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American Eagle Targets Gen-Z Shoppers With New Subscription Service

American Eagle has joined the subscription club and, thus, the growing share economy.

The retailer has quietly rolled out its own subscription service, Style Drop, which it has been testing on its website in a limited manner.

The service allows subscribers to have up to three American Eagle items at a time for $49.95 per month. Shipping and cleaning come complimentary and shoppers are welcome to keep each item for a discount if they find themselves so inclined. Style Drop is currently only available in the United States.

Saying that the program allows “our closet to become your closet,” American Eagle’s online platform will allow shoppers to pick their favorites from a wide selection of its apparel and place them in a “virtual closet.” The items are then shipped, depending on availability, in a box of three items at a time. Subscribers can keep these for as long as the subscription is active, but must return the set as a whole unless a purchase has been made.

Currently, the service does not include shoes or accessories and American Eagle does not guarantee that all styles on its main website will be included in the service, though the retailer noted that it adds new styles each week. Style Drop does offers apparel sized from XS to XL and 00 to 16 and in various lengths. Jeans, however, are only being offered in regular length for the time.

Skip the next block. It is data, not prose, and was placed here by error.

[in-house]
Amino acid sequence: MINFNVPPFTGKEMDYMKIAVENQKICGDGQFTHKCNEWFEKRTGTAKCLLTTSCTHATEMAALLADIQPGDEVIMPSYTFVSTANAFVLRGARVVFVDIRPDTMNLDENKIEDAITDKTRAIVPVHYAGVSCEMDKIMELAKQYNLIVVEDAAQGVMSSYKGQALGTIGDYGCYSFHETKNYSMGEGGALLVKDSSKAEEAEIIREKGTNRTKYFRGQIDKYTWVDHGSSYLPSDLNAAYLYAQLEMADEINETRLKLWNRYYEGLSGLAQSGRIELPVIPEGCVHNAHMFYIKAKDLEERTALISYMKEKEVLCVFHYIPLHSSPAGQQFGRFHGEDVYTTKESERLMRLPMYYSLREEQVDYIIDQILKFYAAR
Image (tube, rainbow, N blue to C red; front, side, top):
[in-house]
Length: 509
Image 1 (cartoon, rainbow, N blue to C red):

The clothing that arrives at each subscriber’s doorstep will be part of a shared wardrobe split among Style Drop members. In order to keep each garment in top shape, American Eagle says it conducts three rounds of inspections after a thorough cleaning at its “state-of-the-art laundry facility” and hand-packs each box to guarantee quality—all of which is included in the flat fee.

With Style Drop, American Eagle joins a growing chorus of big-name apparel organizations that have launched their own subscription services, including Under Armour and Express.

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American Eagle executive vice president and CMO, Kyle Andrew, said in an interview with Marketwatch, the program is directed at a new generation of consumer that is turned off by the disposable nature of fast fashion, yet intrigued at the value proposition of a subscription-based closet.

“Gen Z is increasingly interested in options that allow them to look great, but have less of an impact on the environment,” Andrew told Marketwatch. “As the test continues, and we learn more about what our customer is looking to rent from us, we’ll adjust the assortment accordingly.”

Not only do subscription programs give more consumers the ability to dress in fashions that may have once been out of their price ranges, but retailers like American Eagle are also able to use data gleaned from subscription platforms to collect more information on shoppers and their preferences to make further inventory decisions.